Damon's double steal was cool, but it was not a first, and was not "the greatest"

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My hyperbole this morning aside, it seems that Johnny Damon’s double steal as a result of the overshift is not a first.  From reader Jonathan Fellows:

Willie Mays on September 30, 1971 — a game the Giants had to win to avoid a playoff — stole 2nd and 3rd on the same pitch.  Willie McCovey was up and the Padres were playing the shift.  The 3rd baseman covered second on the steal and Mays got up and took off for third after beating the throw to second.

That was this game here. It’s hard to tell all of the nuances from the box score of course, but it appears to be what happened. UPDATE: Many readers recall Brandon Phillips doing this for the Reds a couple of years ago while the shift was on for either Dunn or Griffey. UPDATE #2: Another reader notes that Jeter apparently did it on opening day 2003, in the play in which he separated his shoulder running into catcher Rod Barajas. My memory of that was that there was an error or something that allowed Jeter to advance, but I haven’t had time to check it this morning. 

And while we’re still on the subject, let’s be 100% clear about something:  Damon’s play was very, very cool. It was totally exciting. It was probably a game changer inasmuch as others have noted in the comments today, it very well may have led to Lidge not wanting to throw his best pitch — hard slider — to A-Rod for fear of uncorking a wild pitch.

But it was not — as some Yankees boosters have suggested in comments, in emails to me, and around the blogosphere this morning — “one of the greatest moments in World Series history.”  I can think of a half dozen — Joe Carter in 1993, Jack Morris in 1991, Reggie in 1977, Fisk in 1975, Mazeroski in 1960 and Larsen in 1956 — just off the top of my head. There are no doubt many others.

Uniqueness and coolness does not necessarily make for greatness.  I was totally stoked by Damon’s play, and I’m sure Yankees fans were too.  Hopefully, however, it can just be appreciated for what it is, rather than have it be pitted against truly “great” moments. Because to do so (a) diminishes those great moments by forcing them to endure a comparison that is beneath them; and (b) actually diminishes Damon’s play, because it makes it suffer by comparison.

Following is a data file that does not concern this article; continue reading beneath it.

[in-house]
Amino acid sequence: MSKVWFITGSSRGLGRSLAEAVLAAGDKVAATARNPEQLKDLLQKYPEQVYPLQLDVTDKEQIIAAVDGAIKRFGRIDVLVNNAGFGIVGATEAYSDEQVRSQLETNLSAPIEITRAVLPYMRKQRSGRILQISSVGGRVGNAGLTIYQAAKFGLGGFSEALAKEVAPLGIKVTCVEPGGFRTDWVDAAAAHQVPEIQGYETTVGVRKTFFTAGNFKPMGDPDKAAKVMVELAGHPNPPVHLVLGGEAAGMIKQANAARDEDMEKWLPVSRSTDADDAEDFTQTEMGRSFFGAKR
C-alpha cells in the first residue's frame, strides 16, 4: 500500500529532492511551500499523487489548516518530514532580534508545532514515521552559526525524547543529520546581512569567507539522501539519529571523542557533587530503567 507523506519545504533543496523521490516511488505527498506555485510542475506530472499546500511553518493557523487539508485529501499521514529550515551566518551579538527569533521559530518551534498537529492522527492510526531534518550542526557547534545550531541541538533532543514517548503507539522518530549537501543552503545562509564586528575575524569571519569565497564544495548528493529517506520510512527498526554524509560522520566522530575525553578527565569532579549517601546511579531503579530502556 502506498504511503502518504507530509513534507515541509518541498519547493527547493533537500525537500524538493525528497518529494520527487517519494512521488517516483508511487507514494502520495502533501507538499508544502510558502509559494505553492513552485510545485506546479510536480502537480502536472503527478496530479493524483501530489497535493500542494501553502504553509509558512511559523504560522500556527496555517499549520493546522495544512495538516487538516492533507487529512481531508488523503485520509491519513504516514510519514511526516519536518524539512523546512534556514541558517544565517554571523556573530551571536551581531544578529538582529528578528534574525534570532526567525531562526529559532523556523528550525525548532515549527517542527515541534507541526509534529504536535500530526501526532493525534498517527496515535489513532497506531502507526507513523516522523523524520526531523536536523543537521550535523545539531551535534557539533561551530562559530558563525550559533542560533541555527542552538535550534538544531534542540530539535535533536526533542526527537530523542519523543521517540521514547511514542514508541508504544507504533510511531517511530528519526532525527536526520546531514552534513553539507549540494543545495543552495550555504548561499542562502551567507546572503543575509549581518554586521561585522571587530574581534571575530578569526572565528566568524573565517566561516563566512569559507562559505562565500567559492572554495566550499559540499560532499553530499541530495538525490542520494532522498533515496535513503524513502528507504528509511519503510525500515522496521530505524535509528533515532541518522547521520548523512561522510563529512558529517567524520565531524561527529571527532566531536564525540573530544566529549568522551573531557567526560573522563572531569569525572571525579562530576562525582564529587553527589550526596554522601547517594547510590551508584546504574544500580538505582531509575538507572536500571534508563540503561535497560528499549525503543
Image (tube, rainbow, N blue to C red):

Your 2016 Winter Meetings Wrapup

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Gaylord National Resort
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OXON HILL, MD — The 2016 Winter Meetings are over.  As usual, there was still no shortage of excitement this year. More trades than we’ve seen in the past even if there are still a lot of free agents on the market. Whatever the case, it should make the rest of December a bit less sleepy than it normally is.

Let’s look back at what went down here at National Harbor this week:

Well, that certainly was a lot! I hope our coverage was useful for you as baseball buzzed through its most frantic week of the offseason. And I hope you continue coming back here to keep abreast of everything happening in Major League Baseball.

Now, get me to an airport and back home.

Eighteen players selected in the Rule 5 Draft

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MLB
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OXON HILL, MD — The Rule 5 Draft just went down here at National Harbor. As always, it was the last event of the Winter Meetings. As usual, you likely don’t know most of the players selected in the Draft, even if a couple may make a splash one day in the future.

In all, 18 players were taken in the Major League phase of the Rule 5. Here they are, with the name of the team which selected them:

Round 1
1. Twins:  Miguel Diaz, RHP, Brewers
2. Reds: Luis Torrens, C, Yankees
3. Padres: Allen Cordoba, SS, Cardinals
4. Rays: Kevin Gadea, Mariners
5. Braves: Armando Rivero, RHP, Cubs
6. D-backs: Tyler Jones, RHP, Yankees
7. Brewers: Caleb Smith, LHP, Yankees
8. Angels  Justin Haley,RHP, Red Sox
9. White Sox:  Dylan Covey, RHP, A’s
10. Pirates: Tyler Webb, LHP, Yankees
11. Tigers: Daniel Stumpf, LHP, Royals
12. Orioles: Aneury Tavarez, 2B, Red Sox
13. Blue Jays: Glenn Sparkman, RHP, Royals
14. Red Sox: Josh Rutledge, INF, Rockies
15. Indians: Holby Miller, LHP, Phillies
16. Rangers: Michael Hauschild, RHP, Astros

Round 2
17. Reds:  Stuart Turner, C, Twins
18. Orioles:  Anthony Santander, OF, Indians

For a breakdown of most of these guys and their big league prospects, check this story out at Baseball America. Like I said, you don’t know most of these guys. And, while there have been some notable exceptions in Rule 5 Draft history, most won’t make a splash in the big leagues.

Each player cost their selecting team $100,000. Each player must remain on the 25-man roster of his new club for the entire season or, at the very least, on the disabled list. If he is removed from the 25-man, the team which selected him has to offer him back to his old team for a nominal fee. Sort of like a stocking fee when you return a mattress or something. Many of these guys, of course, will not be returned and, instead, will be stashed on the DL with phantom injuries.

Aren’t transactions grand?